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  1. #1

    Default Unique flue arrangement... or not?

    I need help... I've never seen this before and am wondering what's up? I've got a water heater entering from the left and a converted gas furnace flue pipe from the right. The arrangement is nothing I've ever seen before and I'm not completely comfortable with it? Any feedback... Bob, Jerry, etc. The natural gas conversion still has the barometric damper (which we've already discussed in previous threads). Any feedback is appreciated....


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  2. #2
    Join Date
    Mar 2007
    Spring City/Surrounding Philadelphia area

    Default Re: Unique flue arrangement... or not?

    Wow! It's very appropriate that fire extinguisher is there in the 3rd pic.

    In the first pic, there are stains on the bottom of the pipe possibly/probably indicating a drafting issue. The way those two flue pipes meet at the same point on opposite sides, combustion gases will shoot into the adjacent one and create turbulence in the flue before the gases even have a chance to start moving upward.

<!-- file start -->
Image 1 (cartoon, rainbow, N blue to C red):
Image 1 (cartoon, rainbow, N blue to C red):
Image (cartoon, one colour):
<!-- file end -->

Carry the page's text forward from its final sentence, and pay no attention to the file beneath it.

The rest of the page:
In the third pic.........well, that's........bad. A flue pipe inside a stairwell like indicates a clear lack of underatanding or forethought on the part of the bozo who installed it. Clearance to combustible issues aside (which I'm sure there are plenty of with this configuration), that pipe poses a safety hazard to anybody in that house.

    Repairs are definitely in order.

    Last edited by Nick Ostrowski; 05-24-2009 at 05:16 AM.

  3. #3
    Join Date
    Mar 2007
    Ormond Beach, Florida

    Default Re: Unique flue arrangement... or not?

    First, I always thought that one had to enter higher than the other, that both were not allowed to be at the same height.

    I am presuming that is a "metal" black box firestop/support ... ???

    Is Type B gas vent allowed to be self-supporting from a joint above the roof? (That's a question for Bob.)

    That photo of the stairs with the vent coming up through the landing is ... OMG ... where did my landing go?

    Yep, sure looks like that has not taken the required landing space and made it unusable and not meeting code requirements.

    Also looks like the handrail ends do not return to the wall as required.

    I fully agree with Nick: "It's very appropriate that fire extinguisher is there in the 3rd pic.", now all they need is a safety rope and body carrier to be able to drag people who fall down the stairs back up.

    Jerry Peck, Construction / Litigation Consultant
    Construction Litigation Consultants, LLC ( )


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